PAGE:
Boris Johnson, Britain’s prime minister, gave the final approval to continue HS2, a high-speed rail link between London and northern cities. The project was on hold after the costs rose above £100bn ($130bn). Mr Johnson also announced other ambitious transport plans outside London, such as road improvements, 4,000 zero-emission buses and “Mini Holland” schemes to promote bike lanes in town centres.

The military option

El Salvador’s president, Nayib Bukele, brought rifle-toting troops into the country’s National Assembly to force it to approve a $109m loan to finance his crime-fighting programme. Lawmakers decried an “attempted coup”. He eventually left the building. See article.

Adriano da Nóbrega, the reputed head of a paramilitary group accused of killing Marielle Franco, a left-wing city councillor in Rio de Janeiro in 2018, was himself killed. Police in the north-eastern Brazilian state of Bahia say Mr da Nóbrega opened fire when they tried to arrest him and was shot dead. Opposition politicians speculated that he was killed to keep him quiet.

Pope Francis decided against ordaining married men in the Amazon, a region that has a shortage of Catholic priests. Rather than weakening the church’s commitment to priestly celibacy, he used an “Apostolic Exhortation” to urge bishops to “be more generous in encouraging those who display a missionary vocation to opt for the Amazon region”.

Former front-runners fall foul

Bernie Sanders won the New Hampshire primary, but not by much. Pete Buttigieg was a close second and Amy Klobuchar, another moderate, came third. Elizabeth Warren and Joe Biden trailed far behind. The next contest in the race for the Democratic presidential nomination is in Nevada on February 22nd. See article.

With the ink barely dry on his impeachment acquittal in the Senate, Donald Trump took his revenge on witnesses who had testified to the House. Lieutenant-Colonel Alexander Vindman, a point man on Ukraine, was booted off the National Security Council and marched out of the White House. Gordon Sondland was dismissed as America’s ambassador to the European Union.

Four prosecutors who recommended a stiff prison term for Roger Stone, a confidant of Mr Trump who has been convicted on charges relating to the Mueller probe, resigned from the case after the Justice Department pushed for a lighter punishment. Mr Trump had earlier tweeted that he thought the prosecutors’ recommendation was “horrible and unfair”.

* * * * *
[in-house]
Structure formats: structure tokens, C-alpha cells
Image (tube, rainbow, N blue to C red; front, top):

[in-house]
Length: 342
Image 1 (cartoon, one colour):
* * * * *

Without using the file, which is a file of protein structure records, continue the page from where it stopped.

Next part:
See you in court (maybe)

The new Sudanese government said it would hand over Omar al-Bashir to face war-crime charges before the International Criminal Court. Mr Bashir was deposed as Sudan’s president in April last year amid huge street protests against his bloody regime, which was behind the genocide in Darfur. When or where he will appear before ICC judges is unclear. See article.

The White House confirmed that the leader of al-Qaeda’s offshoot in the Arabian peninsula had been killed. Qasim al-Raymi was hit by a missile in Yemen, where his group carried out most of its attacks. It was also behind the massacre at the Charlie Hebdo magazine in Paris in 2015.

Five more Turkish troops were killed by the Syrian army as it continued its offensive against rebels in Idlib province, the last opposition holdout. Turkish troops are in the area under an agreement trying to de-escalate the conflict. Turkey struck back at Syrian positions.

Real Life. Real News. Real Voices

Help us tell more of the stories that matter

Become a founding member

The new normal

The lunar new-year holiday, extended in many Chinese provinces because of the spread of a new coronavirus, officially ended. But many businesses remained closed because of quarantine and travel restrictions. Among the fatalities was a doctor, Li Wenliang, who had been reprimanded in January by police in Wuhan, the centre of the epidemic, for revealing the threat. Many people mourned for him online, calling for freedom of speech. The Communist Party reshuffled the leadership of Hubei province, which contains Wuhan. It also demoted the top official responsible for Hong Kong affairs.

Rodrigo Duterte, the president of the Philippines, ended an agreement making it easy for American soldiers to visit the country for joint exercises. Without evidence, he accused American forces of bringing nuclear weapons to the country. He also denounced America’s decision to cancel the visa of Ronald dela Rosa, an ally who led his bloodthirsty war on drugs.

India’s ruling Bharatiya Janata Party was thrashed in elections in Delhi. The opposition retained its lopsided majority in the local assembly, following months of protests against the BJP’s anti-Muslim amendments to citizenship laws. See article.

The EU suspended preferential tariffs for $1bn-worth of Cambodian exports because of Cambodia’s suppression of democracy. Hun Sen, its strongman prime minister, said his country would not “bow down” to foreigners.

An off-duty soldier killed 29 people in a shooting spree in the city of Nakhon Ratchasima in Thailand. He was apparently enraged by a financial dispute with the family of his commanding officer.